Of all that the United States can give in foreign aid, no support is more lasting and more transforming than education. And supporting learning within the worlds poorer nations is not merely an act of charity. It is an investment in the United States future as well. How many of our nations lives and how much of its treasure are spent fending off groups and governments sustained by ignorance?
And the appeal of such aid is that so much can be done for a poor nation with what is not much for a rich nation. That is why members of North Carolinas congressional delegation should support U.S. funding for the Global Partnership for Education. They need to act quickly by signing onto a letter to President Obama that Rep. Jan Schakowsky (D-Ill.) is circulating, asking for a U.S. pledge of $250 million over two years. The deadline for signing is Thursday.
The Global Partnership for Education is a cooperative effort among some 60 nations to address the need for basic education in the worlds poorest and often conflict-torn nations. The organization says that 57 million children around the globe do not attend school and that nearly 250 million almost 40 percent of the worlds children of primary school age are illiterate.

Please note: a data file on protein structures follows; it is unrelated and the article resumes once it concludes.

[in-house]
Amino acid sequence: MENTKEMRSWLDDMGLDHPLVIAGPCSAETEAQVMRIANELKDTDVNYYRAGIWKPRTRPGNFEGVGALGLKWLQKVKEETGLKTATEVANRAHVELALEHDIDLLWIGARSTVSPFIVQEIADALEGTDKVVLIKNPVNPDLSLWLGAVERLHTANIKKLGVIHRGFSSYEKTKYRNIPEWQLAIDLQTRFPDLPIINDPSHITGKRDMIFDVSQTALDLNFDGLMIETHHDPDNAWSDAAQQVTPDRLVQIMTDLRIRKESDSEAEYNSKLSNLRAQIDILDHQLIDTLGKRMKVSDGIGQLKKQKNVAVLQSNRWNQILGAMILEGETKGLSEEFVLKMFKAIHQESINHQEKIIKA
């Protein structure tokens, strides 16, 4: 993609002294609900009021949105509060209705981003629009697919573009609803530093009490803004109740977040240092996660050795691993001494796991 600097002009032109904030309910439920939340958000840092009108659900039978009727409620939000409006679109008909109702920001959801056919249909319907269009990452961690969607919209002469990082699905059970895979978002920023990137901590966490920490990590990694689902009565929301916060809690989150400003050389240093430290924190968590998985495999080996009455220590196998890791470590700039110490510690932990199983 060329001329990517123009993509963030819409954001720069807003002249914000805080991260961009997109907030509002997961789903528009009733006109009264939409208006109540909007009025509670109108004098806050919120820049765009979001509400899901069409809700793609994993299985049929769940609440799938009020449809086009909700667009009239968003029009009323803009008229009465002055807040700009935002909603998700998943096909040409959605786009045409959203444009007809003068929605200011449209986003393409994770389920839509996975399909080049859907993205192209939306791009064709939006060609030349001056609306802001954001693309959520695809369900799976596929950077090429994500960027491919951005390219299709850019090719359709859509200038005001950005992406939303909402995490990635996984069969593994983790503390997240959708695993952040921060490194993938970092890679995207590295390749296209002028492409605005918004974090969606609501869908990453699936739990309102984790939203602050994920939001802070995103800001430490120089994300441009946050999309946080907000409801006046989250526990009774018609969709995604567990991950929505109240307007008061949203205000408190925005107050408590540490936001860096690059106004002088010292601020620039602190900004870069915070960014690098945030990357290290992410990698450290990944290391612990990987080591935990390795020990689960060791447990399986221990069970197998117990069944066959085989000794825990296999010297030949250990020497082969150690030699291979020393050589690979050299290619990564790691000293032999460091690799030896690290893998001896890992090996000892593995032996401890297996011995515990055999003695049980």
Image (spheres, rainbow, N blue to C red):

Backing from the United States can be crucial when the GPE meets June 26 in Brussels to replenish its funding. To date, the GPE has helped enroll 22 million children in school, construct over 53,000 classrooms and train more than 300,000 teachers.
To raise a child, it takes a village, but to educate all children it takes a world united in partnership. North Carolinas members of Congress should support this effort to promote learning and drive out ignorance.